It was all "very mild and a very long time ago," Michael Portillo told British journalists as he announced he had engaged in homosexual acts in college. I am not who I was, the former defense minister and Conservative Party star assured the nation in so many words.
Confession and redemption have moved from the heart of religion to the heart of politics. Portillo's calculated admission last week of a sexual past that he had legitimately refused to discuss previously moves the politics of preemptive redemption across the Atlantic as well.
Portillo, at age 46, is a big fish in Britain. He would doubtless be Conservative Party leader today had he not been dragged down to defeat in his home district in Labor's 1997 tidal-wave national victory. He is the only Tory on the scene given any chance, in a distant future, to oust Tony Blair.
Portillo's admission provoked a journalistic whirlwind -- the Daily Telegraph had 11 stories in one edition -- but drew political shrugs from Conservative leaders, who said they still support Portillo's return to Parliament and to a senior party role as soon as possible. Commentators in London rushed to proclaim how open-minded, blase or Europeanized even Conservative-voting Britons have become over the private lives of their politicians.
Perhaps the reaction to Portillo's limited modified self-outing does represent a defeat for the fundamentalists who would use politics to enforce codes of sexual behavior. If so, that is to be welcomed.
But there is also something troubling in the way politicians feel forced to disown their personal history and experiences to maintain political viability in this media-driven age of inquiry and disclosure. Instead of candidly trying to apply what they may have learned from their own experiences to help ease the plight of others, they see it as necessary to repudiate what they have done and even who they were.
That seems to me to be the thread that connects the Portillo disclosures not so much to Bill Clinton's disgraceful effort to wriggle off the Lewinsky hook of his own making but to George W. Bush's studied vagueness on questions of youthful drug use. Portillo and Bush ask their socially conservative parties for a tolerance that they -- and their parties -- have been generally unwilling to provide to others.
Politicians also deserve second chances, when they have not done irreparable harm through their errors. But the political art of constant personal reinvention is too frequently a matter of tactics, not salvation. This pushes our leaders to grant themselves preemptive redemption for whatever may emerge in the future about their past.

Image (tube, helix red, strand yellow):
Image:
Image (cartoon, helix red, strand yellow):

Portillo emphasized that he has been married for 17 years in a union that British newspapers represent as a happy and successful one. He practiced the Tory version of "family values" in past campaigns. Moreover, when he was defense minister in John Major's cabinet, he opposed allowing homosexuals to serve in the military and he opposed lowering the homosexual age of consent to 16 from 18.
"The fact that I did not allow my youthful experiences to overrule my judgment as defense secretary is not to me hypocrisy," Portillo said, defending himself against the kind of double-standard accusations that have been leveled against Bush in his front-running campaign for the Republican nomination.
The Texas governor has owned up to a past of heavy carousing. He has responded to unsubstantiated suggestions of drug use by indirectly denying taking cocaine within the past 25 years. His admission of having been "young and irresponsible" carries his appeal for preemptive redemption.
But as governor, Bush "slashed prison drug-treatment programs, increased criminal penalties and placed hardships, such as losing welfare benefits or driver's licenses, upon those who abuse illegal drugs," Christy Hoppe of the Dallas Morning News wrote last month. Prisoners jailed for drug abuse went from 17,087 to 28,636 in Bush's first four-year term and today account for 25 percent of the prisoner population, up from one-in-six before Bush.
The lack of compassion for others that Portillo on his side of the Atlantic and Bush over here have shown in their studied mea culpas is troubling. They have locked the trunk that holds an unuseful past and thrown the key away. The message is that they were not permanently stained, or damaged, even if others were, and they will talk about their past experiences only to explain why they are not relevant to their candidacies today.
Today's ravenous and scolding media culture may make it impossible for working politicians to do otherwise. But this is a loss, for them as individuals and for us as a society.